The World Peace Pagoda, or ‘Bishwo Shanti Stupa’ in Nepali, is a well-known attraction in Pokhara. Sitting peacefully atop the Anadu Hill on the south side of Lakeside, the Peace Pagoda in Pokhara draws the attention and eyes of everyone that visits the city.
A sign of peace, the Pagoda, is one of two that have been constructed in Nepal, with the other one being built where Buddha was born, in Lumbini, Nepal. With deep spiritual and religious ties, the Peace Pagoda offers its visitors a sense of calmness, views of the city and lake below, and views of the Annapurna Range to the north.
In this account of the Peace Pagoda in Pokhara, I give a quick account of the Pagoda, its history, and a look into its significance for Pokhara and Nepal.
History of Shanti Stupa in Pokhara:
The Peace Pagoda is an important Buddhist monument that was built in Pokhara, Kaski of Nepal. A sign of world peace, the stupa was the first to be built in Nepal (the second was built in Lumbini) and the 71st Peace pagoda built worldwide. The design and concept are originally those of Nipponzan-Myōhōji, who wished to build the structure all around the world in hopes of uniting the people and bringing peace to the people around the world.
Nipponzan-Myōhōji originally came up with the idea of constructing the stupas worldwide in 1947 as a symbol of world peace. However, the construction of the first pagoda in Nepal did not start until September of 1973. Which was when the first foundation stone was laid. Not long after, in November of the same year the prayer hall, housing a statue of Buddha, and the guest house were finished.
Sadly, during the initial construction of the Pagoda on Anada Hill the Panchayati of the area and the Royal Nepalese government, requested the immediate destruction of the Peace Pagoda, citing issues with security in the area as well as the project not officially being passed by the local government.
Construction proceeded for a short time due to the unwavering support of Nipponzan-Myōhōji, monks, and the community, but eventually, the Pagoda was removed.
Nipponzan-Myōhōji’s Peace Pagoda in Pokhara prophecy
Nipponzan-Myōhōji knew that the supporters of the construction of the Peace Pagoda in Pokhara were facing a difficult task. However, even though the construction was going to be difficult he prophesied that the stupa would eventually be rebuilt!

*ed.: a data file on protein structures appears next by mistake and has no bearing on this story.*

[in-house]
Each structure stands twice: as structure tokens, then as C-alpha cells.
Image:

And on the 21st of May, 1992 the Honorable Girija Prasad Koirala came to Anada Hill and re-laid the foundation stone for the construction of the stupa.
Finally, in October of 1999, the former Prime Minister Girija Prasad Koirala returned for the inaugural ceremony of the Peace Pagoda in Pokhara.
Pokhara’s Peace Pagoda Structure and Design:
The world’s 71st Peace Pagoda and Nepal’s first stands at a height of 115 feet and has a diameter of 344 feet. Situated on Anadu Hill on the south side of Lakeside in Pokhara, the Stupa is built at 1,100 meters above sea level (3,600 feet) and on 21.5 ropanies (roughly 2.7 acres). Additionally, a guest house with 12 rooms has also been built within the Stupa’s premises.
Shanti Stupa is a white pagoda situated at the end of a long stone path with flower gardens on either side. The stupa itself has two different tiers for religious visitors and tourists to circumambulate. Both tiers offer spectacular views of Pokhara, Phewa Lake, and of the mountains and hills surrounding the area. The top tier displays four different statues of Buddha that various countries in Asia have donated.
The following four Buddha statues were provided by the ‘Dharmacakra Mudra’ from Japan, ‘Bodh Gaya’ from Sri Lanka, ‘Kushinagar’ from Thailand, and ‘Lumbini’ from Nepal. The four statues correlate with important events related to Buddha and have been named after the country they took place in. The Dharmachakra is placed below the gajur (pinnacle) signifying the wheel of life, dharma as well as the teachings of Buddha.
Moreover, the top part of the golden gajur is where the crystal stone donated by Sri Lanka sits. The crystal stone represents intellect and grace. Finally, the Dharma hall which has been constructed to the side of the Peace Pagoda in Pokhara is where an additional Buddha statue sits, and where Buddhist monks perform daily rituals, as well as large pujas (religious ceremonies), are performed on auspicious dates according to the lunar calendar.
Tourist Attraction – Peace Pagoda in Pokhara:
The Peace Pagoda is a significant tourist attraction. It provides a quiet and peaceful sanctuary from the hustle and bustle of Lakeside and Pokhara. Additionally, on clear days it provides panoramic views of the Himalayas, glimpses of paragliders soaring through the sky, and the Annapurna Cable Car to the North.
Additionally, if you are feeling motivated and full of energy, you can also visit the newly constructed Shiva Statue which sits about another 300 meters (700-800 feet) above the Peace Pagoda.
There are two ways to reach the Stupa, one by driving up to the Pagoda, and two, by hiking up the side of the hill. Depending on your physical capabilities, time, and weather conditions, I would strongly recommend hiking up to the Peace Pagoda, as it is relatively short and easy.
To find out more about how to hike to the Peace Pagoda in Pokhara, you can check out our recap of our boating and hiking experience up to the Peace Pagoda in our ‘Day hike in Pokhara: Peace Pagoda and Shiva Statue‘ blog!